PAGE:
This Week In London’s History
- Monday – 10th October 1881: The Savoy Theatre is opened on the Strand, becoming the first public building in the world to be entirely lit by electricity.
- Tuesday – 11th October 1573: Sir John Hawkins, Treasurer of the Royal Navy, suffers an assassination attempt whilst riding down the Strand. The would-be assassin, one Peter Burchett, stabs Hawkins, mistaking him for Sir Christopher Hatton. Despite being severely injured by the attack, Hawkins would survive. The same could not be said for Burchett, who would be hanged near the place of the attack.
- Wednesday – 12th October 1609: London composer Thomas Ravencroft publishes an early version of what would become the nursery rhyme Three Blind Mice.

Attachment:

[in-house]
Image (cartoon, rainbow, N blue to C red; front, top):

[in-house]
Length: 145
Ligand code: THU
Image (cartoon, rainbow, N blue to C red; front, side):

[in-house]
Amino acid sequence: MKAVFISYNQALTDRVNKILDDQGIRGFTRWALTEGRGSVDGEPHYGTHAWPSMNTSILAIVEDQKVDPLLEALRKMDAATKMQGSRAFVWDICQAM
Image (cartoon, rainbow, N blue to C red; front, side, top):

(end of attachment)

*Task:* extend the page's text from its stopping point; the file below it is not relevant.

- Thursday – 13th October 1884: At the International Meridian Conference (taking place in Washington, D.C.), Greenwich is established as the location for the 'Prime Meridian' – the starting point for calculating longitude and the world’s time zones.
- Friday – 14th October 1852: King’s Cross Station is opened.
Random London Quote Of The Week
The established government has no more right to call itself the state than the smoke of London has to call itself the weather.
George Bernard Shaw